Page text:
'Conflicts -- Resolved and Unresolved'
That which is crooked cannot be made straight: and that which is wanting cannot be numbered.
Ecclesiastes, 1: 15.
THE years since 1945 have, if anything, further emphasised the unique character of the effect of the Spanish Civil War on British opinion. On the one hand, as we have seen in the last chapter, the Second World War and the rôle of the Franco régime during the years 1939-45 provided a concrete test of the political wisdom and foresightedness of the different individuals and groups. On the other hand, the world struggle did not, to any appreciable extent, help to dampen those political passions which had been aroused in the course of the Spanish part of its prelude. It is this fact, which must now be examined, that confirms the validity of the earlier analyses of the British Right and the British Left.
The clashes in Britain over post-war Spanish policy had as their prologue Churchill's speech in the House of Commons on 25 May 1944.1 His defence of this speech, in a letter to Roosevelt on 4 June 1944, foreshadowed the post-war attitude of the majority of the Right. He wrote:2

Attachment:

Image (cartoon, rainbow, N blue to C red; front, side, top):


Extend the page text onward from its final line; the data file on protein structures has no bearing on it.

I see some of your newspapers are upset at my reference in the House of Commons to Spain. This is very unfair, as all I have done is to repeat my declaration of October 1940. I only mentioned Franco's name to show how silly it was to identify Spain with him or him with Spain by means of caricatures. I do not care about Franco, but I do not wish to have the Iberian peninsula hostile to the British after the war....
We should not be able to agree here in attacking countries which have not molested us because we dislike their totalitarian form of government. I do not know whether there is more freedom in Stalin's Russia than in Franco's Spain. I have no intention to seek a quarrel with either.